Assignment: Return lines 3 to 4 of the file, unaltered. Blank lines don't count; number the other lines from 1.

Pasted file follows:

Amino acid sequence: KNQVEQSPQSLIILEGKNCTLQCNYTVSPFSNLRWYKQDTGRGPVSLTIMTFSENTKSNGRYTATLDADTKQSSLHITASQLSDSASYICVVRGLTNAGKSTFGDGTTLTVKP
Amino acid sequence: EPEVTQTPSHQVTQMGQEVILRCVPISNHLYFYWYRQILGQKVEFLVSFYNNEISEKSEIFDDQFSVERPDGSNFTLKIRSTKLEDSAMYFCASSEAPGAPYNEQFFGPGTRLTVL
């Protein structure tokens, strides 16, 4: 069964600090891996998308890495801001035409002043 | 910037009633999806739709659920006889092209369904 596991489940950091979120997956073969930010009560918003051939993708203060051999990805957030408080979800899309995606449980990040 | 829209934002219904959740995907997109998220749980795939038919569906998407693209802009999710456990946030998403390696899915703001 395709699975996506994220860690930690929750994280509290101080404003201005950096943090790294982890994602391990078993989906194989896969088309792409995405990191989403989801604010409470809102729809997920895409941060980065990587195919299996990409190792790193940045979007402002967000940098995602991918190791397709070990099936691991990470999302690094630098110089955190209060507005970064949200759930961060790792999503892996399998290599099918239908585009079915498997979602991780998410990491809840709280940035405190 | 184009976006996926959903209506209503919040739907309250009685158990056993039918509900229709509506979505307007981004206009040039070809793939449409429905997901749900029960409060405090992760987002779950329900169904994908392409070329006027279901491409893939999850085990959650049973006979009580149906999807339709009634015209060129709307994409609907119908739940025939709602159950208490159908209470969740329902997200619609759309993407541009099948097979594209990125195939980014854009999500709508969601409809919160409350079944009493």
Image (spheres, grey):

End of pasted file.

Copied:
């Protein structure tokens, strides 16, 4: 069964600090891996998308890495801001035409002043 | 910037009633999806739709659920006889092209369904 596991489940950091979120997956073969930010009560918003051939993708203060051999990805957030408080979800899309995606449980990040 | 829209934002219904959740995907997109998220749980795939038919569906998407693209802009999710456990946030998403390696899915703001 395709699975996506994220860690930690929750994280509290101080404003201005950096943090790294982890994602391990078993989906194989896969088309792409995405990191989403989801604010409470809102729809997920895409941060980065990587195919299996990409190792790193940045979007402002967000940098995602991918190791397709070990099936691991990470999302690094630098110089955190209060507005970064949200759930961060790792999503892996399998290599099918239908585009079915498997979602991780998410990491809840709280940035405190 | 184009976006996926959903209506209503919040739907309250009685158990056993039918509900229709509506979505307007981004206009040039070809793939449409429905997901749900029960409060405090992760987002779950329900169904994908392409070329006027279901491409893939999850085990959650049973006979009580149906999807339709009634015209060129709307994409609907119908739940025939709602159950208490159908209470969740329902997200619609759309993407541009099948097979594209990125195939980014854009999500709508969601409809919160409350079944009493």
Image (spheres, grey):